There are a lot of macro forces rattling the markets right now. Most are well-known to any investor who has paid attention to the news. The latest is the collapse of a major U.S. bank — Silicon Valley Bank, a subsidiary of SVB Financial — and the fallout that has rippled across the banking industry and beyond.
Considering all the news going on, the market has been pretty resilient in 2023, but these are still uncertain economic times. While successful investors should always be thinking about the long term, it is also important (particularly now) to focus on stocks that have a history of successfully navigating market downturns. One solid choice to buy and hold through a downturn is Markel (MKL -3.75%).
Markel is a relatively new favorite of Warren Buffett
Growth stocks got hit particularly hard in this bear market environment as a slowing economy, elevated inflation, and rising interest rates create adverse conditions for companies seeking rapid growth. But Markel is not your typical growth stock in that it is built to outperform in markets like this.
Markel has a business model that is not unlike Berkshire Hathaway. In fact, Berkshire Hathaway and the man who runs it, Warren Buffett, added Markel to its portfolio last year (if you needed another endorsement).
At its core is an insurance company that offers specialty insurance or, more specifically, excess and surplus insurance. This is more commonly known as E&S insurance. This is insurance for higher-risk businesses or ventures, ones that traditional property and casualty insurers do not typically cover. Consequently, Markel can charge higher premiums. This can be a risky proposition for an insurer, but Markel has an excellent track record as an underwriter, focusing on businesses and industries about which it is deeply knowledgeable.
A metric to determine its underwriting success is the combined ratio, which measures how much it pays out in claims against earned premiums. In 2022, it had a combined ratio of 91.6%, which means it earned more than it paid out — as anything under 100% indicates profit, with the lower, the better. That combined ratio is better than the industry average. In 2002, Markel had $7.6 billion in earned premiums, which was up nearly 17% from 2021.
In general, the insurance industry has performed well in the bear market, as insurance is something that is always needed, regardless of the state of the economy. Plus, rising interest rates help generate higher investment income, particularly among short-term investments. In 2022, Markel’s net investment income rose about 22% to roughly $447 million.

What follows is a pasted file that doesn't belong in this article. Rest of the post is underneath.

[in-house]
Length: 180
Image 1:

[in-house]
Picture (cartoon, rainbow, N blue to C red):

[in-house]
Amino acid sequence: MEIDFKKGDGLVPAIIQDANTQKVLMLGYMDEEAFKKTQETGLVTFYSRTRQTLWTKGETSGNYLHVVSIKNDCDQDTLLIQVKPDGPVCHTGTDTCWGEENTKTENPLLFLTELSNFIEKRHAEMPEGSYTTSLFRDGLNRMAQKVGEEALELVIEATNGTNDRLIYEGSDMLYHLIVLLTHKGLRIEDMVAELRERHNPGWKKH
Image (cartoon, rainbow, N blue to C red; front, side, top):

They don’t call it a baby Berkshire for nothing
Like Berkshire Hathaway, Markel has a portfolio of stocks that it invests in using the float from its earned premiums. The $27.4 billion portfolio is split pretty evenly between stocks, bonds, and cash and short-term investments. Last year, the portfolio was down 9.5%, but that’s far better than the S&P 500 or Nasdaq Composite. Over the past 10 years, as of Dec. 31, the equity portion has posted a 13.2% return, while the overall portfolio has an average annual return of 4.8%.
The third leg of the company is Markel Ventures, which is its private equity arm. It owns a controlling interest in 19 different companies, mostly in the construction services, building products, and transportation products industries. In 2022, Markel Ventures generated $4.8 billion in revenue, up 33% from the previous year. Over the past five years, it has had a compound annual revenue growth rate of 29%.
So you can see why many call it a baby Berkshire. These three businesses give Markel the type of all-weather performance that is built to navigate a market downturn. Last year, Markel’s stock price finished the year up 6.8%, when most of the market was down by double-digit percentages. This year the stock price is down about 6% year to date, but analysts are bullish on its potential, as it has a consensus price target of $1,600 — which represents a 29% increase over current levels.
This is an expensive stock in terms of its entry price, as its currently trading at $1,238 per share. But it is a solid growth stock that has a history of performing well when the rest of the market is not. It is a good option if you are looking for a solid, stable name to provide some ballast.
SVB Financial provides credit and banking services to The Motley Fool. Dave Kovaleski has no position in any of the stocks mentioned. The Motley Fool has positions in and recommends Berkshire Hathaway, Markel, and SVB Financial. The Motley Fool has a disclosure policy.